Clients Furious After Benefits Provider Closes
Employees at about 100 small and mid-sized companies in the Triangle have to spend the holidays worrying about health insurance coverage after the contractor that handled their payroll and benefits administration closed unexpectedly.Posted — Updated
The workers also might have to pick up the cost of any recent medical procedures, including surgeries, because Castleton Group isn't available to pay the bills.
Castleton ceased operations Tuesday as state federal authorities launched investigations into the company's finances. The state Department of Insurance determined the company's liabilities exceeded its assets by $6 million and that at least $8 million in payroll taxes were never paid to the IRS.
Neither Castleton owner Suzanne Clifton nor her attorneys returned repeated phone calls for comment. Clifton, who boasts of her business background and community accolades on the company Web site, also didn't answer the door at her Cary home.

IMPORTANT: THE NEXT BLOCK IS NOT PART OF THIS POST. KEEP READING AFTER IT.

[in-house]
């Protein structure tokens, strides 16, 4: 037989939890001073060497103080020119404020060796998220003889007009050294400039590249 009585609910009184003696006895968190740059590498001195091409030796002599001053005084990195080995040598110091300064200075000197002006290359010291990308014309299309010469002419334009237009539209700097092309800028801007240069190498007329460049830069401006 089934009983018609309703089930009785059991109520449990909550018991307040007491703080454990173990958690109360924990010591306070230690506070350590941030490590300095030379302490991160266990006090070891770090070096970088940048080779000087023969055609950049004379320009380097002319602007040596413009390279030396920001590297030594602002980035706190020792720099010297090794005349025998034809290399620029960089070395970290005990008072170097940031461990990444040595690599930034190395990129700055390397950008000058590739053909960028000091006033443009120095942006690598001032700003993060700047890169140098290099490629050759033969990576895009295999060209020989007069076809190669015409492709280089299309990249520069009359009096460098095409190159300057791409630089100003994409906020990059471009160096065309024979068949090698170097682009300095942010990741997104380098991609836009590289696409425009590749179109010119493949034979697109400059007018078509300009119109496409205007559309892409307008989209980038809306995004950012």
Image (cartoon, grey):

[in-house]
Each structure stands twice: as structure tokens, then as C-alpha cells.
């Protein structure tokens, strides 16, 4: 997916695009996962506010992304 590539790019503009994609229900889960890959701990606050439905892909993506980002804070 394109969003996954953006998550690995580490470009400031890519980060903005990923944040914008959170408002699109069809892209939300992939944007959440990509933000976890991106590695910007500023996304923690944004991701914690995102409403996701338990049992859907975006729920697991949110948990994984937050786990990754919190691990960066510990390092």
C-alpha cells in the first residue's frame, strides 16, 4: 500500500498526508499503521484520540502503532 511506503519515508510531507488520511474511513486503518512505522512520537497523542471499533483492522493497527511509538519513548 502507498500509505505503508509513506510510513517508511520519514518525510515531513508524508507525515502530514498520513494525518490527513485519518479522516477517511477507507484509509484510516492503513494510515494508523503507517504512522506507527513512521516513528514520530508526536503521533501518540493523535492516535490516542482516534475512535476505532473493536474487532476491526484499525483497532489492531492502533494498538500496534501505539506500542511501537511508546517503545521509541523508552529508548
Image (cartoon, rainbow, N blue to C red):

"I'm very upset," said Jamie Rhodes, one of about 3,500 area employees whose health benefits were handled by Castleton.
Despite paying all her health insurance premiums, Rhodes found out that she likely will have to pay for her recent $15,000 knee surgery because Castleton can't pay the hospital or the surgeon.
"I couldn't do it right now. I mean, that's devastating," she said. "You're scared to death. I have a 5-year-old son also who's supposedly on this plan with me, and children get sick a lot."
Castleton's demise could spark a slew of civil suits by workers left uninsured. That would be in addition to the criminal investigations.
"The federal government is one of a number of creditors who get stuck when things go wrong with a company. It's just that, unlike other creditors, the federal government can put you in jail," said corporate attorney Jim Verdonik, who isn't involved in the Castleton case.
Turner Revels, who used Castleton to handle payroll and benefits for the 100 employees at Quality Equipment and Revels Tractor in Fuquay-Varina, said he hopes he can line up insurance for everyone by Jan. 1.
"It's a real blow to your whole being of trusting in people and trusting in business and doing the right thing," Revels said.
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